West Cork Adventure: Mizen Head, Barley Cove & Glengariff

Mizen Head

Are you ready for part 2 of my West Cork adventure?  Last week, I shared my Schull and Harvest Moon Festival experience. This week, I’m reflecting on time spent at Mizen Head, Barley Cove and Glengariff.

Mizen Head
We managed to get this picture before being defeated by drizzle. We later found solace in soup!
Photograph: George Moore.

Mizen Head is, of course, Ireland’s most southwesterly point.  It is known for its majestic cliffs, wildflowers, whales and dolphins.  Unfortunately, a stubborn drizzle persisted from the moment we arrived and despite sudden interludes of sunshine, it never fully cleared.  So, we settled down to a meal of seafood chowder for hubs and vegetable soup for me.  It was all very comforting and I must admit that the outdoor tour did not appeal!

Instead, we browsed around the shop and nearly bought lots of things . . . I particularly admired the coloured glass sailing boats, which had a certain style, but then I remembered my house is full of bits and bobs – all requiring dusting! So, I resisted and just bought a couple of postcards to remind me of the visit.

Our next stop was Barley Cove and it turned out to be one of the highlights of the holiday!  As soon as we got there the sun switched on. It felt like we were in a foreign country.  The sand was bleached to within a shade of heaven and the sea glinted, pale blue and pure.  We let the water cool our toes as the surf played up our legs and drenched our turn-ups.  It felt right to let our fingers skim the tops of the waves, as our faces caught the sun and our eyes met in shared experience.

It was hard to leave this world where the rain couldn’t find us, but we had a B&B to track down and the time was drifting on . . . So, it was back to the car and the road, and eventually we made it to Glengariff, where we would stay for the night.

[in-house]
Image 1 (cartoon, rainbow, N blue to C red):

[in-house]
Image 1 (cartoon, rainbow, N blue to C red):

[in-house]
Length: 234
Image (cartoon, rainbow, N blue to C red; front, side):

The morning brought further drizzle, but after a hearty breakfast we were ready for some serious pottering!  We found an arts and craft shop and happily admired crashing waves captured in oil, and earthy landscapes; warm, with hints of coral and sandstone.  We also looked at some beautiful handknitted items, including a range of hats.  Hats and jumpers seem to be a common theme in Glengariff.  I suppose it helps to combat the chill!

We headed on to the local Internet cafe, where they sold ice cream milkshakes. I had a butterscotch one which was smooth and sweet. Hubs had chocolate.  I didn’t hear much about how it tasted, but it didn’t last very long.  The staff were friendly and we started to feel a bit more at home.  Afterwards, we wandered down to a large craft shop selling sheepskin rugs.  A brown and white or piebald rug caught our attention.  I used to have a sheepskin rug by my bed as a child and remember my feet sinking into it. Seeing the rug on holiday and my childhood memories combined to inspire a new poem: ‘The Piebald Rug’.  It begins:

‘Burgundy earth
patches on cream,
soft as calla lily . . .’

Glengariff, backed by an example of the rugged landscape West Cork is famous for.
Photograph: George Moore.

After all the holiday fun, I was expecting my life to dull down when I got back.  But I’ve actually had two pieces of good news.  My flash fiction piece ‘Words’ has been shortlisted for the latest 99 Fiction competition.  You can read it here.  And this very blog has made the Blog Awards Ireland shortlist!  You can find me in the Arts and Culture Category.  I’m thrilled to be up there with big names such as Women Rule Writer and Writing.ie.  Thank you to everyone who reads the blog.  It’s like an anchor for me and my writing. I can’t imagine living without it these days!

Video: George Moore.



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